Metaverse and Virtual Health Care in Ophthalmology: Opportunities and Challenges : The Asia-Pacific Journal of Ophthalmology

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Metaverse and Virtual Health Care in Ophthalmology: Opportunities and Challenges

Tan, Ting Fang MBBS; Li, Yong MD∗,†; Lim, Jane Sujuan FRCOphth; Gunasekeran, Dinesh Visva MBBS; Teo, Zhen Ling MBBS; Ng, Wei Yan FRCOphth; Ting, Daniel SW. MD, PhD∗,†

Author Information
Asia-Pacific Journal of Ophthalmology: May-June 2022 - Volume 11 - Issue 3 - p 237-246
doi: 10.1097/APO.0000000000000537
  • Open


Virtual health has revolutionized the delivery of health care services using technology to overcome geographical barriers. The ever-evolving coronavirus disease 2019 (COVID-19) pandemic,1 with prolonged social restrictions to minimize transmission, has fundamentally changed the way of life. This has reinforced the role of virtual health more than ever for greater health care accessibility and reduction in exposure risk associated with in-person consultations.2 Within ophthalmology, clinical workflows had to be re-examined and digitized to minimize physical interactions.3 The recent advent of the Metaverse—an interconnected online universe with the synergistic combination of virtual reality (VR), augmented reality (AR), and mixed reality (MR)—supports a new era of immersive experiences and interoperable data exchange on a decentralized and secured network. Health care, and ophthalmology in particular, could benefit from the functionalities offered by the Metaverse. This necessitates an early evaluation of the potential benefits and challenges of the Metaverse in the field of ophthalmology before clinical adoption can be actualized.


The COVID-19 pandemic has galvanized substantial changes in the lifestyles of people all over the world. As a result, health care systems needed to reorganize care for current patients to reduce face-to-face consultations, triage cases requiring urgent medical care, postpone nonurgent appointments, and carry out new infection control measures.4 These challenges propelled the need and opportunity for digital transformation, with the aims of improving the efficiency of health care systems, reduce the time spent in health care premises, and decentralize care with reduced physical touchpoints.5

Digital transformation is defined as a process to improve an entity through combinations of information, computing, communication, and connectivity technologies.6 In health care, digital technologies can increase access to health care services for individuals, improve public health, and optimize the experience of receiving or delivering care.7 As such, COVID-19 had forced government and organizations worldwide to rapidly synergize, increase, and expand upon the applications of digital transformation.4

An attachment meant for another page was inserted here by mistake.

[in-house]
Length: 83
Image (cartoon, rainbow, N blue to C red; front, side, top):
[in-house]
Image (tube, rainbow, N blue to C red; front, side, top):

The core technological domains involved in digital health care transformation include artificial intelligence (AI), machine learning, deep learning, VR, AR, MR, fifth-generation (5G) telecommunication networks, blockchain, and digital twins, etc.8 These domains are complementary and can potentially be deployed synergistically as a “Metaverse” to meet the clinical needs of patients.


Demand for telemedicine has accelerated during this pandemic due to the need for greater health care accessibility and reduction in exposure risk associated with in-person consultations. Worldwide, there has been rapid upscaling of telehealth services by multiple specialties, including ophthalmology. For example, during the COVID-19—induced lockdown in 2020, up to 77.5% of ophthalmologists in India resorted to teleophthalmology to provide eye care,9 and American neuro-ophthalmologists reported a 64.4% increase in utilization of telehealth modalities.10 Ophthalmologists in China used digital systems for virtual consultations and even reported that 10,000 eye-related visits were mediated by an AI chat bot.11